Tags: hiv | cure | within | months

HIV Cure 'Within Months,' Predict Scientists in Denmark

Thursday, 02 May 2013 07:57 AM

By Michael Mullins

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Scientists in Denmark working on a new strategy to combat HIV, the virus responsible for causing AIDS, believe their research will lead to a cure for the deadly virus "within months."

Having already tested successfully in lab experiments, the technique frees the HIV virus from DNA cells, where it accumulates in "reservoirs," and brings it to the surface of the cells, the Telegraph reported.

Once exposed, the virus can be targeted and destroyed permanently by the body’s natural immune system which will be boosted by a "vaccine" researchers say.

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"I am almost certain that we will be successful in releasing the reservoirs of HIV," said Dr. Ole Sogaard, a senior researcher at the Aarhus University Hospital in Denmark, told the Telegraph. "The challenge will be getting the patients’ immune system to recognize the virus and destroy it. This depends on the strength and sensitivity of individual immune systems."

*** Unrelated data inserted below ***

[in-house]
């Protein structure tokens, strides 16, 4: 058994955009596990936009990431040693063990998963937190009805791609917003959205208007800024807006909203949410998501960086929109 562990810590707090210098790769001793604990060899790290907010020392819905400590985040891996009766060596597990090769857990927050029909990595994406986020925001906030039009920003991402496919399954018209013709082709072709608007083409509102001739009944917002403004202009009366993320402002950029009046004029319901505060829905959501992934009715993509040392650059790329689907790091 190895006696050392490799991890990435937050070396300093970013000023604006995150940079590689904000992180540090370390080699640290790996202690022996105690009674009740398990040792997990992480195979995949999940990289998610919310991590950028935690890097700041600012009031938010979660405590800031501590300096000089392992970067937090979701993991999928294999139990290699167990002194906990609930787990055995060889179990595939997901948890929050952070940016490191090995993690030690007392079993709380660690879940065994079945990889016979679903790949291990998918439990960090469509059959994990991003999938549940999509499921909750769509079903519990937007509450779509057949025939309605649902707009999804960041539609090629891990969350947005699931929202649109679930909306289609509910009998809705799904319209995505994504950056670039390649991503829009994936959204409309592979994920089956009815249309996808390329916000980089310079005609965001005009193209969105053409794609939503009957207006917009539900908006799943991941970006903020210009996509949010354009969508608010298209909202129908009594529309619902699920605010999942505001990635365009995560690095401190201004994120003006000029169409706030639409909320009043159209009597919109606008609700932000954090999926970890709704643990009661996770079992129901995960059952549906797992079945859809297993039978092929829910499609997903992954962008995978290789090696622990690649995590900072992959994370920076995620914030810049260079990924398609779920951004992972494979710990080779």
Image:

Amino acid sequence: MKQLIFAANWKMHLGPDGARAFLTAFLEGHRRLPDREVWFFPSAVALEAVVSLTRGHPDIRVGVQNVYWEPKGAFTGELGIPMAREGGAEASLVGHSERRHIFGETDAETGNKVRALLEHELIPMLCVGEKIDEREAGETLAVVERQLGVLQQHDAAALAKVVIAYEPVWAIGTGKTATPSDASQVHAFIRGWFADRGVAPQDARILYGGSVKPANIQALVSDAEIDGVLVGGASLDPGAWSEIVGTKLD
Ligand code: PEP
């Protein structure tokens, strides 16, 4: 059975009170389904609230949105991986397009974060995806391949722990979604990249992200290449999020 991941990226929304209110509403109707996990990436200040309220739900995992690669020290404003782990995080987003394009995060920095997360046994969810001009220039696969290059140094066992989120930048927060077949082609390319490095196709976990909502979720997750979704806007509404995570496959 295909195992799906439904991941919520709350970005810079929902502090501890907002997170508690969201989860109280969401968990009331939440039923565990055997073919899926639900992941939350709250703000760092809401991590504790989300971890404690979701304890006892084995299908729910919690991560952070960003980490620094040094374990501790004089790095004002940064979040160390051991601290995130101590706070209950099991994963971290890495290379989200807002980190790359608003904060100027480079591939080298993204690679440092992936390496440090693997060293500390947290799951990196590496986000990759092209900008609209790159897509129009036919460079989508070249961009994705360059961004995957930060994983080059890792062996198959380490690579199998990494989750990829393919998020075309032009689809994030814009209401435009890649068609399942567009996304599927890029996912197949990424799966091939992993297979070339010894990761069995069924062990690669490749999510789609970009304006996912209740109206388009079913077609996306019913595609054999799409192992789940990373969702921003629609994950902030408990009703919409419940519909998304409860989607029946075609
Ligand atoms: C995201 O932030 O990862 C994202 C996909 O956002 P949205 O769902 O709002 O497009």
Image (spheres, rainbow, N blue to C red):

The technique employed by the Danish scientist involves the use of drugs called HDAC Inhibitors, which are more commonly used in treating cancer. The HDAC Inhibitors drive out the HIV from a patient’s DNA.

Regarding the clinical trials with HIV-positive human subjects, Søgaard said the early signs are "promising."

The Danish Research Council in January awarded Søgaard's team approximately $2.1 million to continue their research following successful results on human cells in a laboratory.

Fifteen patients are participating in the trials.

If the treatment leads to the successful cure of HIV in any of the patients, further studies will be done on a much larger scale with the introduction of an immune system booster, the Telegraph reported.

In his announcement, Søgaard stressed that a cure for HIV is not equivalent to a preventative vaccine and that at risk individuals should remain vigilant and continue to guard against unsafe behavior, such as having unprotected sex and sharing needles.
Currently, HIV-positive individuals are able to live an almost normal life well into old age in some cases due to modern HIV treatment.

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According to the Centers for Disease Control and Prevention (CDC), more than 1.1 million people in the United States are living with HIV infection, of which almost 1 in 5 (18.1%) are unaware of their infection.

Related stories:

Baby With HIV Cured Using Heavy Dose of Antiretroviral Drugs

AIDS Cure Seen as Possible After Hint of Success With Merck Drug

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